Everyone in the area has heard of Corey Nelson. Same could be said for Brandon Walters, Jervon Johnson and Antonio Jackson. Their abilities and achievements have been in the forefront of Grace Academy's, Howard's and Ooltewah's advancement to the TSSAA state basketball tournament.
Ask the head coaches, though, and they say the following three players also have been and continue to be vital parts of their teams' success -- even in less obvious roles:
Mikhail Creech, Ooltewah
Ooltewah coach Jesse Nayadley has a lot of options for offensive production for the Owls this season, but when it comes to defense and energy, No. 3 is the one getting all the looks.
With his 6-foot-4 frame, massive wingspan and leaping ability, Creech has averaged 13.8 rebounds and 3.8 blocks for the 27-4 Owls.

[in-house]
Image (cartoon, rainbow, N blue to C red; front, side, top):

"He wasn't an all-district or all-tournament player, but he has been the most important player on the floor for us this postseason," Nayadley said. "He's brought an energy that we've needed night in and night out."
Rashad Brummitt, Howard
Brummitt hasn't been the biggest of the headline grabbers this season for the 21-9 Hustlin' Tigers, but on a team full of playmakers, the junior has made his presence felt this postseason with four double-digit scoring performances in seven games.
"He might come off the bench for us, but he provides the spark that we need with his scoring and defense," Howard coach Walter McGary said.
Aaron Tisdale, Grace
As a 5-9 guard coming off the bench, Tisdale should know better than to put his nose in other people's business. Yet the junior seems to have a problem with that, and his aggressive nature has helped the Golden Eagles return to the state tournament for the first time since 2009.
"He's our defensive stopper," Grace coach Jon Mattheiss said. "He comes off the bench and provides a lot of energy doing the intangible things, like taking charges and going in and sneaking an offensive rebound.
"He brings a lot of energy and has been big for us this season."